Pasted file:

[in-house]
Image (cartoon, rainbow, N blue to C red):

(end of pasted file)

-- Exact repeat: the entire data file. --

[in-house]
Image (cartoon, rainbow, N blue to C red):